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Unemployment down to 3.7% in Central Minnesota

ALSO: Lewis and Clark water plans look grim; save your power until after 7 p.m.; water diversion plan OK’d; big fish caught, uncaught; and more.

May unemployment in Central Minnesota dropped below 4 percent. Vicki Ikeogu of the St. Cloud Daily Times writes that the Department of Employment and Economic Development released a report Tuesday stating Central Minnesota’s unemployment rate fell to 3.7 percent, higher than the state unemployment rate of 3.3 percent but below the national rate of 4.5 percent. Wright, Stearns and Sherburne counties have jobless rates of 3.2 percent, 3.3 percent and 3.4 percent respectively while Benton, Mille Lacs, Morrison and Todd counties were at 3.7 percent, 4.1 percent, 4.7 percent and 3.6 percent, respectively. The St. Cloud metropolitan statistical area — Benton and Stearns counties — had a jobless rate of 3.3 percent.

Things are looking grim for plans to continue the Lewis and Clark Regional Water System from Adrian and Worthington. Julie Buntjer of the Worthington Daily Globe writes that officials had hoped the Legislature would OK an $11.5 million advance to help fund the final phase of the project. Now a special session is the only way this might happen, and that doesn’t appear likely. Worthington Public Utilities General Manager Scott Hain said, “I personally think the chances are pretty slim that there’s going to be a special (session), but they’ve proven me wrong before.” The project currently has $9 million from the Federal Bureau of Reclamation to put toward the $20.5 million project. 

You know it’s summer when this call comes out: Freeborn-Mower Cooperative Services, Heartland Power Cooperative and Dairyland Power Cooperative issued peak alerts due to high electricity demands though out the Midwest. The Austin Daily Herald says customers should wait until after 7 p.m. to use unnecessary electric power.

Minnesota – land to several counties that border the Great Lakes watershed, are keeping an eye on this decision: the Great Lakes states’ governors Tuesday approved a plan to pump Lake Michigan water just outside the Great Lakes watershed to Waukesha, Wisconsin. John Myers of the Duluth News Tribune reports that the 17-mile diversion will be closely monitored: Waukesha can pump an average of 8.2 million gallons a day; it can only use the water in the existing city and not areas of future growth; all the water will be returned to Lake Michigan through a natural river after being treated in the city’s sewage treatment plant with higher monitoring and water quality standards. For his part, Gov. Mark Dayton said that after several modifications, the “diversion project will provide environmental benefits to the region, and have virtually no impact on our treasured Great Lakes.”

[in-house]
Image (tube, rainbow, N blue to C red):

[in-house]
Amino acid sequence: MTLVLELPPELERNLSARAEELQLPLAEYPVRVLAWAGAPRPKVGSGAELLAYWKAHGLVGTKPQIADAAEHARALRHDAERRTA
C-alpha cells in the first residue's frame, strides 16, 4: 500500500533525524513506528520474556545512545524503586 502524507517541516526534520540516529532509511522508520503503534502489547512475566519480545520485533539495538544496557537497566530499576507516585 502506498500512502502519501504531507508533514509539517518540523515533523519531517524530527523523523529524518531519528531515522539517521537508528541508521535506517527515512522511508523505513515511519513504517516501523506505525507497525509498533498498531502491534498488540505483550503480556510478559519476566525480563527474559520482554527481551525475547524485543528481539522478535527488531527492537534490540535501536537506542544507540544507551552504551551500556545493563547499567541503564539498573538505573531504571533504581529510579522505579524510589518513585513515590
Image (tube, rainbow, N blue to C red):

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Two big fish were caught, photographed and released recently. Northland Outdoors reports that Cindy Pawlowski of Frazee caught and released a lake sturgeon on May 8 that was 62 7/8 inches long with a 29-inch girth on the Rainy River in Koochiching County. Steven DeMars of Stillwater caught and released a flathead catfish on May 8 in the St. Croix River in Washington County that was 47 inches long with a 30-inch girth. Both are records.

The treasurer of a Brainerd Cub Scout troop said she and her husband were having financial troubles, and that prompted her to steal $2,500 from the troop’s account. The Northland News Service writes that the woman was charged with two counts of felony theft by the Crow Wing County Attorney’s Office. She told investigators she intended to pay the money back. The Boy Scouts of America Central Minnesota Council recommends a two-signature system to ensure that at least two people are reviewing expenses.

Counterfeit cash has turned up at a child’s Kool-Aid stand in Superior, Wisconsin. The Superior Telegram reports that fake $20 bills and a few $10 bills have been floating around, including this bit of nefarious callousness: “A man reportedly asked a young girl for change from her Kool-Aid stand Sunday in Lake Nebagamon and gave her counterfeit money in exchange, according to Douglas County Sheriff’s Office records.” Truly, there is no honor among thieves.

Austin High School officials are fed up with deliveries, no matter how freaky fast they may be. Jora Bothun of the Austin Daily Herald writes that administrators are clamping down on outside lunch deliveries after they have become a distraction. While students calling restaurants during class to order food to be delivered during lunch isn’t new, the ability to order food through apps, texts, emails and other technology has made it a common distraction. The school has never allowed students to order meals, but teachers noticed students asking to go to the bathroom when they were actually going to pick up an ordered lunch. 

This weekend will be a bad time to be a boozer on a boat in Beltrami County. The Bemidji Pioneer reports that the Beltrami County Sheriff’s Office will increase patrols for intoxicated boaters during Operation Dry Water this weekend. In Minnesota, it is illegal to operate a vessel with a blood alcohol concentration level of .08 or higher.